One thing that surprised me is the first phase spans over Adams, so it's wider than the block that was there. From the South is makes a nice terminated vista. Pic a few months old but you get the idea.
I overlaid the most recently posted site plan on a June 2022 aerial. It looks like the two easternmost arches where the passageway (currently the edge of the initial building) line up almost perfectly with the centerline (red) and the eastern sidewalk (purple) of Adams St.
I'm speculating that the passageway wasn't designed for this to be a stand-alone building like the preliminary renderings, but probably now any expansion would span the entire block as a single facade along Rosedale built in two or more phases (hence the need for one, or more, passageways through the middle of the building).
Zoning Change request filed for a 150' tall cold storage facility: https://newcold.com/
OMG, 150' tall...that's about 15-stories. My guess is this is going either far north or far south of town, maybe north Burleson. I didn't see an address yet.
That area of south Fort Worth is the largest concentration of food distribution/production facilities in North Texas (and continues to grow), even with the sprawling population growth moving more towards the north.
Project Name: Nations Best Sports Phase II Expansion
Project Number: TABS2023012460
Facility Name: Nations Best Sports Phase II Expansion
Location Address: 4350 Fossil Creek Blvd
Fort Worth, TX 76137
Location County: Tarrant
Start Date: 3/3/2023
Completion Date: 9/15/2023
Estimated Cost: $4,226,661
Type of Work: Additions to Existing Building
Type of Funds: This project is privately funded, on private land for private use.
Scope of Work: Addition to existing warehouse
Square Footage: 40,000 ft 2
Fossil Creek is definitely in not Alliance Town Center, or Alliance in general, but I'm sure it's all the same to the "everything north of Loop 820 isn't really Fort Worth" crowd.
This is one of the few remaining greenfield sites left in Fossil Creek. Glad to see a Fort Worth-based company expanding instead of relocating to a larger/newer space.
...And now they're planning interior retail to activate the paseo? Awesome! Now all we need is:
1) a pedestrian crosswalk across Jones connecting the paseo to the ITC,
2) a second paseo (or an actual rebuilt one-block 10th Street) between Calhoun and Commerce after the latter is straightened out,
And we'll have a fully restored walkable grid in the area.
I'm guessing the placement of the paseo is due to utilities/right of way from when 10th St was there originally?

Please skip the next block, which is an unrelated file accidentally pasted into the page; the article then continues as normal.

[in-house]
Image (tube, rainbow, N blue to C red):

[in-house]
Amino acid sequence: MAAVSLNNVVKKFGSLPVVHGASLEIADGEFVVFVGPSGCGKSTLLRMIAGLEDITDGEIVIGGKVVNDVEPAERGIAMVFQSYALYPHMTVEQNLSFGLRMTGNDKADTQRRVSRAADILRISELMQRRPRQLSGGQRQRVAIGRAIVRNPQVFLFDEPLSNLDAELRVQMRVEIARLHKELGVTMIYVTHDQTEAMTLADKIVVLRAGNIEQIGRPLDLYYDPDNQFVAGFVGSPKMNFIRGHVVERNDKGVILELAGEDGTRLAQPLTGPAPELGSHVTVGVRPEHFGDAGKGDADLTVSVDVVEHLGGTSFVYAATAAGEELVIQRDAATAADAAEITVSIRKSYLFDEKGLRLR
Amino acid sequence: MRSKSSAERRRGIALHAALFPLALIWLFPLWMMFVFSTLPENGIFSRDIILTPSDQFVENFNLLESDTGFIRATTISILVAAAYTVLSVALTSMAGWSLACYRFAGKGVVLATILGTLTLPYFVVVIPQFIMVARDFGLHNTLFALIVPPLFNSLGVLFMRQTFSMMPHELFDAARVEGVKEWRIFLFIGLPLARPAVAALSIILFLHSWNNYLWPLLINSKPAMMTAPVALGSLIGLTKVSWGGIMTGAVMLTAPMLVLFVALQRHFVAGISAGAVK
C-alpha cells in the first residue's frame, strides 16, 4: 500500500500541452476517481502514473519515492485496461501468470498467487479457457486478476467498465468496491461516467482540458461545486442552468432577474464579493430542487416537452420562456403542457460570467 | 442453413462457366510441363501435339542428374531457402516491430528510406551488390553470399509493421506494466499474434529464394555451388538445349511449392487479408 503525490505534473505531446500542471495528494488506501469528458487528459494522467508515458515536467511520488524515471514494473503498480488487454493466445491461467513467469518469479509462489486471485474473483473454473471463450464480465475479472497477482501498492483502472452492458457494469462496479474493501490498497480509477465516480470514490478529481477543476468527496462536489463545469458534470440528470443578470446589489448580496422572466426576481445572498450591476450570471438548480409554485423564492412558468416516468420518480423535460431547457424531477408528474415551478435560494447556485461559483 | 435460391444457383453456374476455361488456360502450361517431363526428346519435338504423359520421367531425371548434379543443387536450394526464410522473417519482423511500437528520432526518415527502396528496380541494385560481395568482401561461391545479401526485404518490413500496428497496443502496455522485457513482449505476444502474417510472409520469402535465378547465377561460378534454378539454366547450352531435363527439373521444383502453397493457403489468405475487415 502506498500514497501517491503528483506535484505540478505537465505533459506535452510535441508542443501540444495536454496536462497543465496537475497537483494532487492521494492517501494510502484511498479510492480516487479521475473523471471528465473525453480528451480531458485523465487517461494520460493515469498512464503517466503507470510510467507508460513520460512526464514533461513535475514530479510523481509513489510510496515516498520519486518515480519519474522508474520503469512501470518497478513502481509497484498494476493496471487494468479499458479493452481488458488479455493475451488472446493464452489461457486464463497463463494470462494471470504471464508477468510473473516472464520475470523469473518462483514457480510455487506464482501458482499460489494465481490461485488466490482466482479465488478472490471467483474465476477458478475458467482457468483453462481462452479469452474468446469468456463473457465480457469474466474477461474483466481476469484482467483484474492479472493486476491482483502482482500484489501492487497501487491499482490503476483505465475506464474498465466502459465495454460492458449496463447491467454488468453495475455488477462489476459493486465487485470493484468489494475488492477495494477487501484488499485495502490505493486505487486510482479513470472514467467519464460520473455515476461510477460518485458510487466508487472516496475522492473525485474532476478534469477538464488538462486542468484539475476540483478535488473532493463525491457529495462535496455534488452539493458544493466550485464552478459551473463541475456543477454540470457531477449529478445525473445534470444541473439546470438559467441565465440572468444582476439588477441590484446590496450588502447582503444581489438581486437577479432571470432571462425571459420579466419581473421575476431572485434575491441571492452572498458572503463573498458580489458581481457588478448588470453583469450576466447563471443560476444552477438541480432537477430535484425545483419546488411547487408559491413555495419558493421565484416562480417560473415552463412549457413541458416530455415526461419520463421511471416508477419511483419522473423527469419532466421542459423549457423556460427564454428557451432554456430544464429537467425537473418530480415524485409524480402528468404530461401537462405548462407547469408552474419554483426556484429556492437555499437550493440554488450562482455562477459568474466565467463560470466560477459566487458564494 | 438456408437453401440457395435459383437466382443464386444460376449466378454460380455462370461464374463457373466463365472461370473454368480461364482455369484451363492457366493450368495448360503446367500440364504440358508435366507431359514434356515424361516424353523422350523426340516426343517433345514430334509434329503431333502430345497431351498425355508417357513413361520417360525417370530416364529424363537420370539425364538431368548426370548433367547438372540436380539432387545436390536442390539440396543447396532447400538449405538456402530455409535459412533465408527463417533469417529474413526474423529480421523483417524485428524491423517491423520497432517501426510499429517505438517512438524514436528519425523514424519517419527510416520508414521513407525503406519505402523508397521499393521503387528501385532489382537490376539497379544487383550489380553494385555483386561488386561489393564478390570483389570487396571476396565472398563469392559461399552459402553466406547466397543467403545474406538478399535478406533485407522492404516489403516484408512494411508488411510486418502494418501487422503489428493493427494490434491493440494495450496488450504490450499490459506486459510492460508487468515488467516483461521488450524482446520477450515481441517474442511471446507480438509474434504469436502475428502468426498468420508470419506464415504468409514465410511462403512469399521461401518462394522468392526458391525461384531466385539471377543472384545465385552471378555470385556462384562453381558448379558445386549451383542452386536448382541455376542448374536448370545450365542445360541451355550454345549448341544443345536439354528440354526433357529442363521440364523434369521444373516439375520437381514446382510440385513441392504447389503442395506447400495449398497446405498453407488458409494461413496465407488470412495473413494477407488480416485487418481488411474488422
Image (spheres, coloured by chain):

The Throckmorton St & W 2nd St intersection to connect through City Place could benefit from a mid-block crossing too (is it still considered a mid-block crossing if it's a t-intersection?).
Not surprising the Dallas Morning News describes a relocation to FORT WORTH by starting the sentence "Dallas-Fort Worth's central location." Whatever that means.
Anytime central location is mentioned when talking about the advantages of relocating to D-FW, it's a combination of being in the Central Time Zone, direct flights from DFW Airport, and an almost split distance to either coast.
Not to rain on everyones parade, but the location is extremely short sighted. Im super happy the TAMU is coming to downtown, but we could have asked for more! TAMU panther island!! I dont understand why the city/A&M decided to build the campus at its current location. Can someone share a few reasons as to why the city wouldnt push for panther island for the new tamu campus?
TAMU does not own any land on Panther Island but they do own 4 contiguous blocks at their current location in downtown. It's as simple as that.
Not playing devil's advocate, but I think the complete opposite of this idea is needed. The Phoenix metro has multiple independent public transit agencies operating different services under the same unified brand: Valley Metro. Having 4 separate brands (A-train, TEXRail, Silver Line, TRE) creates more confusion than it's worth.
DART, DCTA, and Trinity Metro should operate the 4 interconnected commuter rail lines in North Texas under the single brand: TRE. Bus, light-rail, streetcar/trolley, etc. services could still operate under each individual agency's name, but unifying the commuter rail lines under a single brand creates a familiarity needed to grow ridership instead of separating service across county lines.
The news articles state that the additional funding is for the "final design." Does that mean the flood control project is still on the drawing board...after all these years?
There are differing levels of design depending on funding. The gist of the system is obviously long ago design but the detailed 100% drawings will need to be finalized with the full funding that will take the project into construction.
My concern at this point is that the funding estimates are still valid in light of the material cost increases and ongoing inflation. Probably will need additional funding at the end to finish it out.
A question came up early in the thread about why Denton is considered part of the Dallas-Plano-Irving Division. I didn't see where anyone answered that, but OMB defines these based on commuting patterns - so presumably more people in Denton (and its surrounding cities) commute to Dallas-Plano-Irving than to Fort Worth-Arlington.
And it's hard to see any near future in DFW that doesn't include a lot of auto traffic. There are a lot of cultural, political and economic reasons that drive the development patterns we have today and little appetite on a large enough scale to change that.
Nearly half of Frisco is in Denton County, and when you add the SE quad of the county (Carrollton, Lewisville, etc.), there's a much higher flow of people between Denton County and Dallas/Collin than with Tarrant County.